A partnership between the University of Maryland and AT&T has formed as the Terrapin Upstander Program aims to spread awareness on how to fight cyberbullying.
AT&T donated $75,000 to form the program and create a project that surveyed freshman and upperclassmen on their experiences with cyberbullying, according to a University of Maryland press release.
University of Maryland’s Rashawn Ray, a sociology professor, and Cixin Wang, a psychology associate professor, conducted the research for the program.
Wang and Ray held a lecture presentation at the end of October on the research findings with the students who volunteered for the Terrapin Upstander Program.
Depression and suicidal thoughts can result from bullying, according to the presentation. The presentation focused on how becoming an upstander helps victims of bullying know their lives have value, and standing up to agitators is crucial.
“Since I was in graduate school, I was always interested in peer relationships because PR plays such an important role in children’s development,” Wang said. She explained that they want to figure out how to create more positive peer relationships.
At the lecture, Wang and Ray were joined by other speakers such as Ed Summers, a research faculty member of the Maryland Institute for Technology in the Humanities. Summers collaborated with Ray and other researchers on a Bystander Intervention program. This program collected information that was studied from Twitter and Reddit on how negative and positive comments formulated on topics such as racism, said Summers.
Twitter allows more anonymity, permitting more cyberbullying behavior whereas Reddit communities can kick or remove members who are writing hateful content, said Ray.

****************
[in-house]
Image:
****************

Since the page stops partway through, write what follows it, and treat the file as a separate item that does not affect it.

Summers, Ray and the other researchers involved in this program also came up with strategies to become “pro-social” within these online conversations, including educating and using evidence, along with moderation.
An upstander makes others feel safe and included, according to the presentation. This includes not utilizing insulting or demeaning language, especially towards someone’s race, sexuality, ethnicity, etc. If these actions do occur, speaking up and reaching out to a victim of bullying to show support is important..
Wang believes that spreading awareness on cyberbullying and how to become an upstander is an effective solution to fight online bullying. Bullying research has shown that bullying is “more likely to occur when there is someone watching,” she said, explaining that more than 50% of the time someone is watching bullying occur.
“We hope to involve students in Maryland to become positive bystanders and upstanders to spread awareness to stop bullying,” Wang said.